Roam like at home… but at what cost?

Whilst EU leaders moved quickly to herald the coming into force of the new rules as 'a true European success story', tech experts warned consumers to remain on the look-out for loopholes

The Roam Like At Home legislation has been in the offing for over a decade
The Roam Like At Home legislation has been in the offing for over a decade

With consumers all over the European Union cheering the abolishment of roaming tariffs, critics have emerged warning mobile phone users to look out for new or additional fees that operators might introduce to make up for revenue losses.

The Roam Like At Home (RLAH) legislation has been in the offing for over a decade, finally coming into force this month as Malta was holding the Presidency of the Council of the European Union.

In theory, the RLAH means that EU citizens roaming in EU countries will be charged domestic rates.

But whilst EU leaders moved quickly to herald the coming into force of the new rules as “a true European success story”, tech experts warned consumers to remain on the look-out for loopholes.

One such loophole enables operators to charge extra fees – which according to Business Insider is applicable in Sweden. The loophole would be triggered if the roaming policy results in heavy losses for telecommunications companies.

Operators have been given the opportunity to make use of the Fair Use Policy, which allows service providers to charge the user to prevent abusive and anomalous usage in a EU country – such as the use of roaming services other than for periodic travel.

According to the Malta Communications Authority, service providers may decide not to apply RLAH whilst roaming in any EU countries, in cases where the user does not have proof of a normal residence or stable links supporting the frequent and substantial presences. By way of example, if abroad for more than four months of the year, the user will need to prove why. It could be a document that proves one is studying or working abroad.

EU citizens are mostly concerned about new charges that operators might introduce to offset the losses. Tech experts warned that operators could increase charges on international calls or roaming charges to non-EU countries.

Additionally, the European Commission confirmed that 36 telecoms operators – out of thousands – applied for exemptions to the rules.

Malta’s three major service providers – Vodafone, GO and Melita – were reluctant to state how much they estimated the losses, from the removal of the roaming charges, to be.

A spokesperson for Vodafone Malta said that the operator anticipated that some of the losses would be recouped through increased usage by customers whilst roaming.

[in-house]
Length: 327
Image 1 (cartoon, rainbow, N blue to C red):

For the financial year 2016/17, the impact on the revenues of Vodafone Group – not just on Vodafone Malta – as a result of the roaming charges was that of €150 million. Vodafone Group expects the impact to be around €300 million for the financial year 2017/18.

Asked how Vodafone planned on offsetting the losses, the spokesperson confirmed that Vodafone Malta was not planning an increase, as a direct result of the RLAH regulation.

“The pricing of mobile services is highly dynamic and we are always seeking to meet our customers’ demands in a very competitive market. No, Vodafone Malta is not envisaging an increase in prices as a direct consequence of the roaming regulation. Vodafone Malta even goes a step further – customers on certain plans may now use the minutes in their bundles to make international calls from Malta to any other EU country at no extra cost.”

In replying to questions by MaltaToday, GO avoided stating how it planned to offset the losses, but stressed that the RLAH was a development it had prepared for.

“For a number of years, the Commission has been working to reduce, and ultimately end, the charges incurred by customers using their mobile devices when crossing borders. This is therefore a development GO has long been aware of and, indeed, all of GO’s customers have been benefiting from the reduced EU roaming rates as from 1 June 2017,” a spokesperson for the company said.

“With the new ‘Roam Like at Home’ rates, customers now have more peace of mind when using their mobile devices anywhere in the EU. This improved customer experience will give rise to more prolific use of data and voice whilst abroad.”

One of the points that the operators had raised with the European Commission during the negotiation process of the legislation was the fee that operators charged each other when customers use foreign networks while travelling: if consumers were no longer to be charged for roaming, should operators charge each other less?

This is an issue that Melita raised in its replies to MaltaToday, when admitting that it was not in a position to estimate the loss that will be incurred as a result of the new regulation.

“All will depend on how much our customers will actually use roaming services in the future. Due to the new regulation, Melita will then have to pay foreign operators for the use of their network but we will not charge these costs back to the customers anymore,” Melita said.

“As stated, Melita’s plan is always to provide better options and more value to customers. In line with our new, refreshed branding, we have one objective: to listen to our customers and serve them in the best way we can.”

Melita flatly denied it plans to increase roaming tariffs and other charges for non-EU countries.